I've been fairly lax in posting here on my Lady with Lupus blog. Mainly because, thank God, Lupus has not bitten me lately...(Knock on wood) and I've been busy doing things I can't do when I'm in the midst of a flare. You all know about that, don't you?
Sjogren's Syndrome kicked me in the butt last November. My teeth suffered so badly from the dry mouth SJ produces that I had to make a decision: Either keep letting my teeth fall out or get dentures.
Dentures are expensive. However, my health care is expensive, too, since I realized my teeth were sending poisons into my already burdened body and making my overall health suffer.
I went for an evaluation to a place a friend had recommended. They explained everything in detail, how this is a process and not an event, and --ahem-- the total cost, to be paid up front.
My dear daughter in CA agreed to pay for it, bless her heart. So, we began the process.
The initial pulling, grinding and sewing took a couple of hours. I was of course, given numbing shots, you know the kind, where your face and lips swell up to the size of a football and when you drink water, it dribbles out of one of your mouths. Plural. I was told "there will be blood" and they weren't kidding. I coped with that during my waking hours, but when I was asleep, I colored my pillowcases red.
Took the stitches out a few days later; they were already coming out, anyway. The dentist said he had never seen anybody heal as rapidly as I have. Huh. And I have lupus and diabetes. How can that be? But it is true; he's amazed. Of course, I wanted my dentures yesterday, not now. But the assistant placed about a Cadillac-sized dentures in my mouth with instructions to learn how to take them out and re-insert them. I had no problem with taking them out. I couldn't eat or talk with the darned things.
But, ever mindful this is a process, not an event, I plodded along. We passed the six month mark Tuesday, with me becoming quite proficient in insertion and removal of my new pearly-whites. I experimented with different brands of denture adhesive, but none of them kept the bottom plate from sliding around.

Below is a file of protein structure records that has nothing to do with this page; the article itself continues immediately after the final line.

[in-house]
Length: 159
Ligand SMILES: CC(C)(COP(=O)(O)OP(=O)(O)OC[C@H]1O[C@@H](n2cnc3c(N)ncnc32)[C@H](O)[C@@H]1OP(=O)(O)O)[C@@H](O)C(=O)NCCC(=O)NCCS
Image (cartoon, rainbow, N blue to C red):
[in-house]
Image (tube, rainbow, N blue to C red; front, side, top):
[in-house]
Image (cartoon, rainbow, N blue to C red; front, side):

What to do? Heh. Well, we had talked about implants....they could insert posts into the gum line and kind of "hook" the lower plate on the post.
Tuesday was the day. The day the dentist planted two metal posts to have the bone grow around and make stable. Then, in six months, we can put the posts on for the denture to fit into.
Today is Thursday. I look like I've been in a bar fight, with bruises around my mouth and chin. I feel like I've been in a bar fight, too, since the pain killer prescribed for me right after the surgery, proved to be one that I have adverse reactions to. I began shaking all over. It wouldn't stop. My muscles twitched and jumped and I found it hard to walk. Son had to help me into the bathroom. Into the kitchen, where I insisted I could make my own soup. I tried to sleep, but didn't get a wink of sleep all night. But I made up for it on Wednesday, taking one nap after another.
Today, I'm finally not shaking. Being a diabetic, ever mindful of how my body reacts to low sugar levels, it was hard for me to determine whether or not I was having a blood sugar dive in the middle of the night. I had to get up, shaking as I was, and take my glucose reading.
Ha. Not low blood sugar; it's still the blankety-blank pain killers. I went back to bed. So yesterday was a blur. I must say, too, that my brain was in a fog. Similar to one of those Lupie fogs we all get from time to time. I was under stress; my body had been assaulted; and I shouldn't even try to make sense to anybody, when I couldn't even form a complete thought.
So today, so far, is going better.
I have to admit, though, I'm getting tired of all this dental stuff. I want my dentures to fit YESTERDAY. And without denture adhesive, which leaves a tacky residue in my mouth and I have to get rid of by drinking warm liquids.
I go back on next Thursday to have the stitches taken out. Looking at my former experience with taking sutures out, there won't be a whole lot of "taking out," since they had fallen out, anyway, or at least part of them were gone. I hope this takes the same path.
Okay, in six months, I go back to have this process finished: they will put the metal posts inside the pocket they've already made, and then my lower plate will be stabilized.
Six months! I will have to cope with this for another six months. And the dentist warned me about using too much dental adhesive, but how else can I keep the lower denture from moving? Heh. Bring on the Poli-grip. Industrial Sized.
Well, they told me at the beginning this was going to be a Process, not an Event. Don't you just hate it when somebody tells you something like that, and they're right?
Six more months.
Sigh. I just hope this doesn't bring on a big ol' flare.
PS: I also blog at another site, mostly on writing issues, but I invite you to put it on your list to check out, because every once in a while I also whine on that blog...but not as much as here.